hort.net Seasonal photo, (c) 2006 Christopher P. Lindsey, All Rights Reserved: do not copy
articles | gallery of plants | blog | tech blog | plant profiles | patents | mailing lists | top stories | links | shorturl service | tom clothier's archive0
Gallery of Plants
Tech Blog
Plant Profiles
Mailing Lists
    Search ALL lists
    Search help
    Subscription info
Top Stories
sHORTurl service
Tom Clothier's Archive
 Top Stories
Disease could hit Britain's trees hard

Ten of the best snowdrop cultivars

Plant protein database helps identify plant gene functions

Dendroclimatologists record history through trees

Potato beetle could be thwarted through gene manipulation

Hawaii expands coffee farm quarantine

Study explains flower petal loss

Unauthorized use of a plant doesn't invalidate it's patent

RSS story archive

Re: Unprofessional nurserymen (was Stockton Gardens)

  • To: Multiple recipients of list <iris-l@rt66.com>
  • Subject: Re: Unprofessional nurserymen (was Stockton Gardens)
  • From: "Albert F. Limberg" <campconn@pacbell.net>
  • Date: Wed, 10 Sep 1997 19:59:13 -0600 (MDT)


	All you guys out there who've been "had" by someone by mail, I have
spent 34 years in Consumer Protection Law Enforcement and here are a few
up-to-date tips on getting a remedy.  First, you have to act . . . not
just complain.  If you ARE going to complain, complain where it will
make a difference. 

	There are three must visit websites. BOOKMARK them for future use.

	1:  <http://www.fraud.com/repoform.htm> . . . a report form linked to
the Federal Trade Commission, one agency that has regulatory authority
in this arena.

	2:  <http://www.usps.gov> . . . the U. S. Postal Service Home Page. 
Follow the links to the Postal Inspection Service where you can get the
address and telephone number of your nearest Postal Inspection Service

	3:  <http://www.pueblo.gsa.gov/1997crh> . . . a downloadable Consumer
Resource Handbook that will give the names addesses of all known
consumer protection or consumer fraud agencies in the US of A. This a
large document that is offered in four or five segments. You can
download all of it or only that [those] portion[s] you need.

	If you live in California, you can contact the Secretary of State's
Office of Corporations and obtain the name and address of the
out-of-state company's registered-agent-for-service-of-process.  All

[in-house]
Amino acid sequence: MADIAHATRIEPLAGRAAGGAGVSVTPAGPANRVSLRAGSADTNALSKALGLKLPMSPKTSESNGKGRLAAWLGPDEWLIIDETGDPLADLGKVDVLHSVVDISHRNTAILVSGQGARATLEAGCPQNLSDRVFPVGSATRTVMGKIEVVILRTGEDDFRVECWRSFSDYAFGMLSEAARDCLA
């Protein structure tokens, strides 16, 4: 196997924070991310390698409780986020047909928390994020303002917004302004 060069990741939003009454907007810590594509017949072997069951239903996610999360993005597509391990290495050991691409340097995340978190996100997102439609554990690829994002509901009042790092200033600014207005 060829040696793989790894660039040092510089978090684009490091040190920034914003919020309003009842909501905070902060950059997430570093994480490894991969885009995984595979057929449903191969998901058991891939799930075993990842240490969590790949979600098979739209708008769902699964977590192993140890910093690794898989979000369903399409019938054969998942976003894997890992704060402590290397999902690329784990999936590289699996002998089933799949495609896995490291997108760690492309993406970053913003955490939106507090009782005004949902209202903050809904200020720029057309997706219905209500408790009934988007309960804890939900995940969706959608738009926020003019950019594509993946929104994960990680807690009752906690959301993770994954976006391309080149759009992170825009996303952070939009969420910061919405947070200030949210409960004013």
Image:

companies, including out-of-staters, doing business in California must
have a registered-agent. 

	Then go to Small Claims Court and file the appropriate claim papers for
service on the registered agent.  A court representative will help you
fill out the form and walk you through the process.  It works, I've done
it.  And to a New York company.  I collected $750. In California Small
Claims Courts no lawyers are allowed and you plead your own case. Been
there three or four times and never lost a case. If you think you don't
stand a chance because these guys are all sharks here's a confidence
building tip. In Small Claims Court, they are swimming in YOUR pond.

	If you do not live in California, check with you local District
Attorney for guidance.  Most DA's have a Consumer Fraud Unit and most
are quite helpful. My father-in-law had a run-in with Michigan Bulb
Company more than ten years ago.  The reason they are still around and
still gouging is that no one gives them enough hell.  

	The only way to put a stop to this kind of gouging and fraud is to make
the perpetrators lives a living legal hell and force involvement of
state and local regulatory agencies.

	It works . . . if only YOU make the effort.

	Good luck. Let us know how things work out.

Al Limberg
Concord, CA
apearce@academy.net.au wrote:
> Walter wrote:
> >       Obviously, Stockton Gardens think they can assuage the pain of not
> >getting what one ordered by loading one up on '97's and '98's.  I do not
> >fall for that.  My order was placed April 21, 1997, and I should have
> >gotten everything I wanted.  If they were out of stock, I should have been
> >informed at that time.  I feel that  this technique is still 'bait and
> >switch' even if it involves plants of a higher value.   There will be no
> >future orders from me.
> Mum received a similar response from an Adelaide rose nursery.  She asked
> them to bud some heritage roses especially for her.  They did, but then sold
> the stock to people from interstate, and didn't inform her until much later.
> They even had the nerve to comment how good it was that she had asked for
> these unusual roses to be budded.  Meaning that when other customers asked
> for them out of the blue they were able to supply them!!  I don't think
> she'll be asking that nursery again.
> Ann Pearce

 © 1995-2015 Mallorn Computing, Inc.All Rights Reserved.
Our Privacy Statement
Other Mailing lists | Author Index | Date Index | Subject Index | Thread Index